Untitled (Faceless Faces with Kabala)
On View at the Getty Center: Pacific Standard Time: Crosscurrents in L.A. Painting and Sculpture, 1950-1970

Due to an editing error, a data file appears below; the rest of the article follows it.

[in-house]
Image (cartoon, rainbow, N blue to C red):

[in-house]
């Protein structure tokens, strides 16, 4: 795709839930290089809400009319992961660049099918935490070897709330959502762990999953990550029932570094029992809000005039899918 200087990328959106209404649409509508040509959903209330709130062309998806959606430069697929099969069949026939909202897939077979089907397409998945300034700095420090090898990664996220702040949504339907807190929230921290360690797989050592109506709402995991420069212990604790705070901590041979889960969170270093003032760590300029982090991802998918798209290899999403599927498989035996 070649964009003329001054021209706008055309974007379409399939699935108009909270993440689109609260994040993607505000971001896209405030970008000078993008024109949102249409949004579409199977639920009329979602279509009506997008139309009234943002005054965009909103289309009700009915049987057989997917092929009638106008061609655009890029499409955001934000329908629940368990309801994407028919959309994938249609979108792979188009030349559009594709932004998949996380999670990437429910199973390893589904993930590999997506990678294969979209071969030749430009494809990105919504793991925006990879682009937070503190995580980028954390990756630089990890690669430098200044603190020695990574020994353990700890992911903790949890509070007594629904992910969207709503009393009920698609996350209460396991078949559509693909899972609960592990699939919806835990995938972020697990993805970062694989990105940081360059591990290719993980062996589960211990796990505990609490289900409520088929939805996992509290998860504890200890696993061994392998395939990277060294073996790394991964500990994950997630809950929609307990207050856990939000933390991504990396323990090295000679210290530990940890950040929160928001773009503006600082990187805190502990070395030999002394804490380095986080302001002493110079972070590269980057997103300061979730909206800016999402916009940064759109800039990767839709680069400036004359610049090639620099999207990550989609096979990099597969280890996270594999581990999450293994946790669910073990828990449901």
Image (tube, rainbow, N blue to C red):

In Untitled (Faceless Faces with Kabala), Berman combined found photographic portraits of mid-century couples that he passed through a Verifax machine, obliterating their faces. The work disrupts these comfortable visions of the American Dream, rendering the prettily dressed women and neatly suited men anonymous and unsettling. At the bottom of the work, a line of Hebrew letters is applied with transfer lettering. Berman would have seen Hebrew signs in shop windows during his childhood in Los Angeles’s Fairfax district, and he was particularly fascinated by the Kaballah, a mystical branch of Judaism, which he probably discovered via the poets Robert Duncan or David Meltzer, and read about in the book Major Trends in Jewish Mysticism. Jewish letters recur throughout Berman’s oeuvre. Here, in the context of these rows of anonymous people the script also assumes more somber universal allusions related to the mourning of lost souls and a lost language in the post-Holocaust era.